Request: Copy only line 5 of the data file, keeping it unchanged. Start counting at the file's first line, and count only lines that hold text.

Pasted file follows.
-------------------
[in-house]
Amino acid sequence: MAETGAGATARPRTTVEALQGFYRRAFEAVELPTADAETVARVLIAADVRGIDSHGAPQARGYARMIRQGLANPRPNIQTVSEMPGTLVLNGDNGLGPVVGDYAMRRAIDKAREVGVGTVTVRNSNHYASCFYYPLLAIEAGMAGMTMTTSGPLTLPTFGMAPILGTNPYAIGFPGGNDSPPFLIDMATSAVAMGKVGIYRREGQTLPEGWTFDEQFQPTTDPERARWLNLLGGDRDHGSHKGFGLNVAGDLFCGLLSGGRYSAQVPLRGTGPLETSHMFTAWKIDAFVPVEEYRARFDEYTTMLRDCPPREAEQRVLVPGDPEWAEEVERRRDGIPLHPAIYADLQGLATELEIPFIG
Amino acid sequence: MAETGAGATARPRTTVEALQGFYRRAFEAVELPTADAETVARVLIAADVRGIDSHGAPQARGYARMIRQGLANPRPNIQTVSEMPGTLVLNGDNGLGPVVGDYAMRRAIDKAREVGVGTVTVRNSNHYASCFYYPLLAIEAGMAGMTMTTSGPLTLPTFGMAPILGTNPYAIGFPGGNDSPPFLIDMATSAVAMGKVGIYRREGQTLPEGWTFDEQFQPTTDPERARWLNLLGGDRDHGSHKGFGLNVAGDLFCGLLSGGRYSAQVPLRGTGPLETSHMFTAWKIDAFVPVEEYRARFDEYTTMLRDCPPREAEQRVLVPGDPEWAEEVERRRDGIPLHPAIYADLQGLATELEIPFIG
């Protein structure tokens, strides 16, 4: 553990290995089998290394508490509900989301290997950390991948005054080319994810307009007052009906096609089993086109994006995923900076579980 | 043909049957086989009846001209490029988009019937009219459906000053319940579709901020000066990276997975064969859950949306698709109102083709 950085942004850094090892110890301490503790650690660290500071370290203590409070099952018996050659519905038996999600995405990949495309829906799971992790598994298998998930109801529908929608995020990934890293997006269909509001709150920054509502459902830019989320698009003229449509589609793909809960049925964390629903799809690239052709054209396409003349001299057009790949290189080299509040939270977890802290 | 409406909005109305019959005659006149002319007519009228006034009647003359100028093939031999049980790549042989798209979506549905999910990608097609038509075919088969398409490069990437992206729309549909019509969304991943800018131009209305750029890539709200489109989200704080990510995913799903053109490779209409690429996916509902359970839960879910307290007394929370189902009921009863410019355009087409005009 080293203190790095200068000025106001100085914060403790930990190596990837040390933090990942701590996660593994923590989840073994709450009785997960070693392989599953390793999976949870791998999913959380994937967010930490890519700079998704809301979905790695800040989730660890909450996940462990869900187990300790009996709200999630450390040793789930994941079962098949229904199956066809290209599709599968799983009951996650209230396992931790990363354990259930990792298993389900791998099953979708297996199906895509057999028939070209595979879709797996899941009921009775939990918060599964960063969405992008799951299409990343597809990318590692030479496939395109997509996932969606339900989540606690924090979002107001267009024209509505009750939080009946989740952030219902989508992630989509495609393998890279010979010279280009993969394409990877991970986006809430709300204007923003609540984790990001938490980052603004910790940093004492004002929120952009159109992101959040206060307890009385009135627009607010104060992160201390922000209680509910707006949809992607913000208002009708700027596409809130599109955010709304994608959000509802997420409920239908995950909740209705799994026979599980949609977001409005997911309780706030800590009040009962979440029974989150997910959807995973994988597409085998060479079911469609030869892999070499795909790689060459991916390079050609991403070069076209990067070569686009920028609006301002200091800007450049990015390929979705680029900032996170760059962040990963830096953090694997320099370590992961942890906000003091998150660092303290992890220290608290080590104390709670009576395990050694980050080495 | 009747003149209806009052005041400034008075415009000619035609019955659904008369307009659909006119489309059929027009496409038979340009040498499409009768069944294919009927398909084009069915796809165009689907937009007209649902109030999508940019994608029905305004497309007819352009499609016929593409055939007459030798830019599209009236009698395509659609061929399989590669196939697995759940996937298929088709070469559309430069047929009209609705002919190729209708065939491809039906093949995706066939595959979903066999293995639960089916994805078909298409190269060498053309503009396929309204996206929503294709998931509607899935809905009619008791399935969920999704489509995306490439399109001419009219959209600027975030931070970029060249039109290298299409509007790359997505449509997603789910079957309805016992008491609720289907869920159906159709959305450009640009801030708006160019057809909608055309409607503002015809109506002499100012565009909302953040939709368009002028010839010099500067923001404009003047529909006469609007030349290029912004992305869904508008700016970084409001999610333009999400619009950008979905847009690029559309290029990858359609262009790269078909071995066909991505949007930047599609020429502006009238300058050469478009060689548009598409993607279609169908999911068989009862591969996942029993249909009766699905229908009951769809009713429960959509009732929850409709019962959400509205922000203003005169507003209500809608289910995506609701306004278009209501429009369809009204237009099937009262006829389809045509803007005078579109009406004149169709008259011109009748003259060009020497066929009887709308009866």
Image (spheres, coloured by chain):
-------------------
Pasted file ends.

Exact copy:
Image (spheres, coloured by chain):